Dead or Alive 5 Ultimate | Review

Version tested: PlayStation 3

Dead or Alive 5 Ultimate (hereafter Ultimate) is an expanded edition of Dead or Alive 5, arriving just under a year from its predecessor’s release. New stages and characters, along with new modes and system tweaks, define the “ultimate” package, but the simultaneous release of Dead or Alive 5 Ultimate: Core Fighters, a free-to-play version of Ultimate, may be the version that gets newcomers into the series.

Broken Joysticks reviewed both Dead or Alive 5 and Dead or Alive 5 Plus, the latter being a PlayStation Vita release which utilized the system’s unique features in, uh, interesting ways. Fortunately, not all the features added in Plus were disposable. Combo challenges, command training, and an excellent combat tutorial were very welcome additions to Plus, and all have made their way to Ultimate.

Ultimate also takes the music selection found in Plus, which added character themes in addition to the stage music, and expands on it; fans of the series will hear some of their favorite tunes from Dead or Alive 2, 3, and 4.

Speaking of favorites, Ein and Leon, two series mainstays that were inexplicably missing from DOA5, return to the roster, which is great because Bayman/Leon and Hayate/Ein teams are winners.

Rachel and Momiji, two characters Ninja Gaiden fans should be familiar with, make their debut in DOA, expanding the relationship between the two series even further. Jacky Bryant from Virtua Fighter fame joins the cast as well, bringing the total amount of VF characters to four.

Some classic stages return, such as Lost World, where you pummel your opponent off ledge after ledge after ledge, and Forest, where you most appropriately fight in a forest. A few new stages are here, including a desert wasteland and an aircraft carrier (both inspired by areas from Ninja Gaiden 3), and the best new edition, the rooftop stage from Ninja Gaiden Sigma 2, where a big ol’ Buddha acts as the danger zone.

Tag mode can be taken online now, and not just for lobby matches, but ranked matches as well.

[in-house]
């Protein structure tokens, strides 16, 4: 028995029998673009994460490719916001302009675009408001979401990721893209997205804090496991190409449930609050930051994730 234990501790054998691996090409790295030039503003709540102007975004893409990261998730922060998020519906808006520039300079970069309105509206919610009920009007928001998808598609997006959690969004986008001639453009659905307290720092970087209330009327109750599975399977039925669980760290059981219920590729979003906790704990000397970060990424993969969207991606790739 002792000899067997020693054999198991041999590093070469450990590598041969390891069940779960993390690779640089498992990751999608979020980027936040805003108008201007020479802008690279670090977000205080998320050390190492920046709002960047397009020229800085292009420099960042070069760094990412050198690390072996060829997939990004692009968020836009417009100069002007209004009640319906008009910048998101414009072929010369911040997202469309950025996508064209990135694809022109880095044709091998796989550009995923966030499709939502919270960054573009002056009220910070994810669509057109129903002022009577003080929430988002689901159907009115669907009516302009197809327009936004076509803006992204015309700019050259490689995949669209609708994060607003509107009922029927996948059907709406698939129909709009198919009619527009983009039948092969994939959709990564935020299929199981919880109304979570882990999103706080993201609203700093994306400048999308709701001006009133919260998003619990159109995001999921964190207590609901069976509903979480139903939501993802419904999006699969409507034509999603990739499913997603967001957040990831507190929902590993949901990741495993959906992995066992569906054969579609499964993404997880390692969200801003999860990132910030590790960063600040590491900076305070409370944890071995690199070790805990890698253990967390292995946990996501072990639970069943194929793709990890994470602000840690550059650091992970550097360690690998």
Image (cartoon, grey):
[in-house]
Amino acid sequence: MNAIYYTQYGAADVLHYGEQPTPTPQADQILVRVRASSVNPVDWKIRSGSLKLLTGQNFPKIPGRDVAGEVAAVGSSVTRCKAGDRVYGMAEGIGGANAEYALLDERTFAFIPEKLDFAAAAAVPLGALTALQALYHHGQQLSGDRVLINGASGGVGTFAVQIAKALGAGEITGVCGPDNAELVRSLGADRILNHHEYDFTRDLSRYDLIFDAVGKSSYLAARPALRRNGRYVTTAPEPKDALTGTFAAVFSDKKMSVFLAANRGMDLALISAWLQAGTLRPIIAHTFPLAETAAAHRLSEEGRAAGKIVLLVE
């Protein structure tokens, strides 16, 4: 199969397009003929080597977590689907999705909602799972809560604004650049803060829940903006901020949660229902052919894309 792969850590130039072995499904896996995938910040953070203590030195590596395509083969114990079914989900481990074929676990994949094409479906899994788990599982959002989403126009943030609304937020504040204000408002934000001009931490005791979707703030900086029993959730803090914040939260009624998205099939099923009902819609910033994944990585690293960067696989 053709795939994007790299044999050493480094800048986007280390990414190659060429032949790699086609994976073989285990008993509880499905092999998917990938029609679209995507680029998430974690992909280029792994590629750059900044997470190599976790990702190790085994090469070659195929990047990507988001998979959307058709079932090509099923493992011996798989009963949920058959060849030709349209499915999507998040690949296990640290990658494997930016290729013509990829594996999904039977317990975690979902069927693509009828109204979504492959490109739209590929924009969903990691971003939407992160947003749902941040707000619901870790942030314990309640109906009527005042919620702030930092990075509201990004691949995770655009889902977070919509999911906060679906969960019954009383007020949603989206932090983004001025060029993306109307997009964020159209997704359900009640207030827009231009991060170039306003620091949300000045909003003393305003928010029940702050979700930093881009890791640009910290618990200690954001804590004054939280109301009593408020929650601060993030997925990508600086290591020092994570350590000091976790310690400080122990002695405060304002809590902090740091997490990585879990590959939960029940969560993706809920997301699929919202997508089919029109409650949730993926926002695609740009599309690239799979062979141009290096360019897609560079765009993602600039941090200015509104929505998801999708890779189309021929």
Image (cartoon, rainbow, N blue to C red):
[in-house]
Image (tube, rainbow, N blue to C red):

Team Battle is back, and here you can create a team with up to seven characters in a game of elimination.

Survival returns to its DOA normalcy, adding items back into the mix, like watermelons and what have you, which will award points and health recovery. Tag Survival is included, too. I’m not sure why that was missing from DOA5. The cynic in me thinks it may have been to save some stuff for this version.

The only major gameplay addition is the new Power Launcher. It works the same as the Power Blow from DOA5, in the sense the move can only be executed once per round, and character health must be below 50%, but the similarities end there. The launcher does exactly what you would expect: it launches your opponent much higher than any normal move, leaving them susceptible to juggles. It’s a new wrinkle to implement in your game, and it’s a good time launching someone absurdly high in the air. It’s an even better time stringing a solid juggle together.

All in all, Ultimate adds enough content to warrant a separate release, especially at its attractive price point, but I can’t say I don’t feel a little for owners of DOA5 and DOA5+. Most notably, Ultimate isn’t compatible with either version online, and if you purchased Plus a few months ago upon its release, you may have because of the well-implemented cross-play. Well, too bad, no more cross-play. There isn’t even an option for DOA5 users to upgrade with a DLC pack, something Capcom offered for the variations of Street Fighter 4 and Street Fighter X Tekken. (I want to apologize to Marvel VS Capcom 3 owners.)

I suppose early adopters of fighting games shouldn’t be surprised–this isn’t exactly new territory. It’s just shitty territory, and no one likes feeling shitty. I’m sure they’re Plus owners wondering if they should trade it in before Dead or Alive 5 Ultimate Plus gets announced.

If you don’t want to purchase Ultimate out of some sense of pride, or because you’re broke–both possible–Dead or Alive 5 Ultimate: Core Fighters may be the answer. Released on the PlayStation Network store (there is no Live version available), Core Fighters is free-to-play and includes four fighters: Kasumi, Ayane, Hayate, and Ryu. There is no timer; you can play unlimited matches both offline and online. If you want an additional character, they’re four dollars each; if you want to play the story mode, it’s 15 bucks. If you’re a DOA player that exclusively plays Ryu Hayabusa, then you’re in luck. It may not be the model that works for everyone, but it is another option, and options are always welcome.

It’s worth upgrading to Ultimate if you’re big into DOA, though you may groan a bit when handing over 40 dollars. Ein and Leon are back where they belong, and the new characters are fun to use, especially Momiji. Any DLC you purchased is compatible, and they’re new costumes to be unlocked. Survival is fun again, and you can play tag online. It all sounds great, I just wish DOA5 owners could get it all for 20 dollars as a download. Core Fighters is at least available if you want to try the new modes, but have no interest in handing over more money. Besides, it may be worth waiting for Dead or Alive 5 Ultimate Tengu Time edition.

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